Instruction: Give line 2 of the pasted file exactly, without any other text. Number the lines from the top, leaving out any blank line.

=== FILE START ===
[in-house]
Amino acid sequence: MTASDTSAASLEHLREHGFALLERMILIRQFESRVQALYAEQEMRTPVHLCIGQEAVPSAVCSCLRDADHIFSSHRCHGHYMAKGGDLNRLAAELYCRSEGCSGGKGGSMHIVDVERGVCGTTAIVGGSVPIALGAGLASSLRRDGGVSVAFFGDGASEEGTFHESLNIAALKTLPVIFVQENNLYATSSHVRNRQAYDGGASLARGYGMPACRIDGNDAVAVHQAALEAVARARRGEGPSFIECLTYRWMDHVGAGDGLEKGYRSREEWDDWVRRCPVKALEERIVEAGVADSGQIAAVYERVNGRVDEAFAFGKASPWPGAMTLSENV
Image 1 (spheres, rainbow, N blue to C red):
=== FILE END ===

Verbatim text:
Amino acid sequence: MTASDTSAASLEHLREHGFALLERMILIRQFESRVQALYAEQEMRTPVHLCIGQEAVPSAVCSCLRDADHIFSSHRCHGHYMAKGGDLNRLAAELYCRSEGCSGGKGGSMHIVDVERGVCGTTAIVGGSVPIALGAGLASSLRRDGGVSVAFFGDGASEEGTFHESLNIAALKTLPVIFVQENNLYATSSHVRNRQAYDGGASLARGYGMPACRIDGNDAVAVHQAALEAVARARRGEGPSFIECLTYRWMDHVGAGDGLEKGYRSREEWDDWVRRCPVKALEERIVEAGVADSGQIAAVYERVNGRVDEAFAFGKASPWPGAMTLSENV